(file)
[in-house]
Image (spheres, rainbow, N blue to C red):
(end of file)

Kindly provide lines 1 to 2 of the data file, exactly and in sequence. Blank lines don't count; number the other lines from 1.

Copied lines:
[in-house]
Image (spheres, rainbow, N blue to C red):